We could have transported Mom home in an ambulance, but she had gone into the hospital in her nightgown and I didn’t want her exposed to the extreme cold. She needed warm clothes and a warm ride. When I called to check on the discharge process, she was talking to someone from rehab, so I told her I’d be there in a couple hours and rang off. Experience told me that when leaving a hospital, it would take hours for every department to sign off so I didn’t hurry. As long as the nurses knew someone was coming everything would be good.
Sitting down with my cup of tea, I asked myself, why was I doing this? Why was I working so hard to make it to the hospital as the snow kept coming down? It had occurred to me as I was lifting that final heavy shovel full of snow that no one would do this for me. My husband would find a way to get me home, make no mistake, but he wouldn’t shovel out an alley to do it. I have no kids, nephews or nieces or even cousins that would do this on my account. My friends all have problems of their own and wouldn’t be able to expend themselves like this. I pondered on this as I sipped my tea.
John 15:13 (NASB) says, ‘Greater love has no one than this, that one lay down his life for his friends.’ I had done this as a sacrificial act of love. While I love my mother-in-law, this was really for my husband. He’s been stretched as thin as I’ve ever seen him between long hours at work and caring for his parents, and though I’ve been doing a lot to help and I love them, too, I don’t have the same history or memories that he does and I’m not grieving the same way he is. This was a laying down of time and effort to show my husband he is not alone in his care journey for his parents and to bring him encouragement.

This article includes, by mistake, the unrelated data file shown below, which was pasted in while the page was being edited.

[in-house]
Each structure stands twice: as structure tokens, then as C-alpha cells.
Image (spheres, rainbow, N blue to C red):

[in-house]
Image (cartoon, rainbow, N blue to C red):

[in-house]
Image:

Sacrifice. It makes life richer. I should do it more often.
There are times I am amazed at the wonderful man I have for a husband. It’s not that I didn’t date good men when I was young and single, but because I didn’t have a good self-image, I would sabotage those relationships and end up obsessing over men who, frankly, were trouble.
But I did a wise thing in my youth. I prayed a very fervent and sincere prayer. Seeing many of my friends doing foolish and destructive things for ‘love’, I knew that on my own I would make the very same mistakes. So, I cried out to God not to let me settle for second best. In spite of my foolishness and willfulness, He honored that prayer; but I did not make it easy for Him.
Nonetheless, I ended up with a man who is kind and supportive beyond measure. He has been a studio assistant, a copy editor, a compassionate caregiver, a lifter and mover of heavy things and whatever else I’ve needed along the way. He cares for me, encourages me, he’s helped me care for my mother as she descended into Alzheimer’s and now he’s caring for his parents. Just this week, he took care of me as I went through some medical procedures, he cared for his dad as he had to relinquish his driver’s license, and in the middle of the night he cared for his mother’s geriatric cat who is diabetic and was in serious stress of an unknown infection – going to pick up the cat and his parents, taking them to the animal hospital, and caring for his mother as she had to leave her beloved pet for the night. Now he is making sure the cat lives another day by going over twice each day to get antibiotics down her throat, ointment into her eyes, and give her shots of insulin.
His sacrifices for love are monumental. I am truly blessed. I will leave you with this....
Sonnet by William Shakespeare
Let me not to the marriage of true minds
Admit impediments; love is not love
Which alters when it alteration finds,
Or bends with the remover to remove.
O, no, it is an ever-fixed mark
That looks on tempests and is never shaken;
It is the star to every wand’ring bark,
Whose worth’s unknown, although his
height be taken.
Love’s not Time’s fool, though rosy
lips and cheeks
Within his bending sickle’s compass come;
Love alters not with his brief hours
But bears it out even to the edge of doom.
If this be error and upon me proved,
I never writ, nor no man ever loved.
Donna Kemper put aside her art career to care for a mother she hadn't seen in over a decade. For seven years she followed her mother's journey into dementia, caring for her and putting forgiveness into action.